In today’s digital age and a growing remote workforce, moving to the cloud is almost a no-brainer. But what is cloud computing? Simply put, it’s computing based on the internet. Where in the past, people would run applications or programs from software on a physical computer or server in their building, using data that’s also housed on that computer or that server, cloud computing allows people access to the same kinds of applications and their own data via the internet.
Cloud computing has actually been around for two decades but has grown in popularity over the past five years thanks to our reliance on and increased use of data. In fact, many people don’t realise they are using cloud technology in their everyday lives.
When you’re streaming Netflix, you’re using cloud computing. Checking your bank balance on your bank’s app, that’s via the cloud. Facebook and Instagram – they’re apps that rely on cloud computing technology.
And if you’re a small business, chances are you rely on cloud computing to solve many business challenges, whether you’re firing off emails on the go or using apps to help you manage your workload.
In short, cloud computing is the new normal. Here are 10 reasons why you should move your small business to the cloud.
Cloud computing is your solution to your growing bandwidth demands. With cloud-based services, it’s easy to scale up your cloud capacity by drawing on the service’s remote servers. Likewise if you need to scale down.
This level of flexibility can give businesses using cloud computing a real advantage over competitors by improving their overall operational efficiency.
Losing data can be devastating for a small business. And it’s not just because of the loss of files – there’s also the time and money spent to recover them. According to CloudRadar, the cost of network downtime is more than $10,000 an hour.
For most small businesses, investing in robust data recovery is more of an ideal than a reality. But cloud computing is now helping more SMBs buck that trend. Due to the scale and expertise of cloud-based services, they can provide quick data recovery for all kinds of data disasters – even remotely wiping data from a lost laptop.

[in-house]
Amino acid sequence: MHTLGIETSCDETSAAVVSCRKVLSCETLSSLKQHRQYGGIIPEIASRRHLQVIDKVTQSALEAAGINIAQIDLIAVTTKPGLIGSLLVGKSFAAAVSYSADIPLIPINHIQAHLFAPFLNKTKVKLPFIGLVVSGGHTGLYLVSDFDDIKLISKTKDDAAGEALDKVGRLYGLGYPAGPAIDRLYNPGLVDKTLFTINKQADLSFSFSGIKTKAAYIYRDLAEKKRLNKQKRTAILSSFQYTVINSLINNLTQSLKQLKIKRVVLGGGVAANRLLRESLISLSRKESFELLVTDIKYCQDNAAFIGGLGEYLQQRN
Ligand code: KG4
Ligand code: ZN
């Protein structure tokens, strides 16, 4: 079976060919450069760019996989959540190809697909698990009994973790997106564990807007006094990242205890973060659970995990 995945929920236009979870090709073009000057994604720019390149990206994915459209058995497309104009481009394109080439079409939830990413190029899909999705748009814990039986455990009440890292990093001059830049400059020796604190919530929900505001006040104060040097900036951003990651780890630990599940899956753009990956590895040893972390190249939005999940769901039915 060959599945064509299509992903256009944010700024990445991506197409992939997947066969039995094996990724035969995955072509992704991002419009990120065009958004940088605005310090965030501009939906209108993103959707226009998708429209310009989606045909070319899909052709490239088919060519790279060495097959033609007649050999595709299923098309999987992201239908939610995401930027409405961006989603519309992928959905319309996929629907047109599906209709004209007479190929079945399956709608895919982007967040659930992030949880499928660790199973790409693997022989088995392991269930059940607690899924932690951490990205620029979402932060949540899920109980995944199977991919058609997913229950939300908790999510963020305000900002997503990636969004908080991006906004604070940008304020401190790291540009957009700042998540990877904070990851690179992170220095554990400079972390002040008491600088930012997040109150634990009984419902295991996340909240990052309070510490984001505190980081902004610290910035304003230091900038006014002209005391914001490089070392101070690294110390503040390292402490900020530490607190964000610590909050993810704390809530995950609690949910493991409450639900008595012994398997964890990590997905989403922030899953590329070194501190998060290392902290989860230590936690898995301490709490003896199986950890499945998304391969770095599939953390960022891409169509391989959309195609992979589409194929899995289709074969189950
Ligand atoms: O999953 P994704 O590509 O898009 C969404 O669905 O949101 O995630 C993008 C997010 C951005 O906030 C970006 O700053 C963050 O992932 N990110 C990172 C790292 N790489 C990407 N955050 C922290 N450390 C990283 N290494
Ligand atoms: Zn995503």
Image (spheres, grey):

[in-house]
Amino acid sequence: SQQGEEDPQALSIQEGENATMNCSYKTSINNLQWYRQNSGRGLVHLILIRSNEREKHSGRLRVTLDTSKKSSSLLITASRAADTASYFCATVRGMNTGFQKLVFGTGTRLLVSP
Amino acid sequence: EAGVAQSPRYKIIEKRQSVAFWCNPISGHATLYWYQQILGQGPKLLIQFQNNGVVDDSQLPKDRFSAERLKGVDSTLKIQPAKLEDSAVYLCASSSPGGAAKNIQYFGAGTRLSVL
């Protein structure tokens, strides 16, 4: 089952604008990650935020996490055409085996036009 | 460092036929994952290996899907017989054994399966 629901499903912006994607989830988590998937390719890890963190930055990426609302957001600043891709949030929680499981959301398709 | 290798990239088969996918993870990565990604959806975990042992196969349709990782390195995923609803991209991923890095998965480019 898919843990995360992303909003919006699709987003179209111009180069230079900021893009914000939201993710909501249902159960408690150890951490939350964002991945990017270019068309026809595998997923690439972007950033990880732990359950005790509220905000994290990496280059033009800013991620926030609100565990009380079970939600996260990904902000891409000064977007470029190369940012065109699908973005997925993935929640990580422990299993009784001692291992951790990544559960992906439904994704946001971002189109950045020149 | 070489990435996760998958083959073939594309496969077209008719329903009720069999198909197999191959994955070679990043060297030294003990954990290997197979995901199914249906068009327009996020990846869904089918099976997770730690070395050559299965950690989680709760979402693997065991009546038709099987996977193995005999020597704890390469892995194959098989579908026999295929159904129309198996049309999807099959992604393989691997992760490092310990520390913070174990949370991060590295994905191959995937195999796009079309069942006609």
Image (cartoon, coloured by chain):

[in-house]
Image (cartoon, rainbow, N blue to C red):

One of the great things about cloud computing is that the servers are off-premise, which means a third party takes care of your regular system updates. Adopting the cloud can reduce IT maintenance cost by 16.79% – so your IT team can put budget towards the things that matter, like designing and developing market-differentiating solutions.
Thanks to the rise of the subscription-based business model, small businesses no longer have to outlay large capital for IT soft hardware or storage hardware. You can simply pay as you go. Add to that the ease of set-up and management, and suddenly your intimidating IT project looks a lot friendlier. It has never been easier to take the first step to cloud adoption.
With cloud computing, if you’ve got an internet connection you can be at work. With most serious cloud services offering mobile apps, you’re not restricted by which device you’ve got on hand.
And considering there are 3.3 million smartphones users in the world, you don’t want to leave anyone out.